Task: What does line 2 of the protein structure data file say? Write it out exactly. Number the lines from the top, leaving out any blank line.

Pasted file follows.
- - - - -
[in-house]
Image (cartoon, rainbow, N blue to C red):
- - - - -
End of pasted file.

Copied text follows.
Image (cartoon, rainbow, N blue to C red):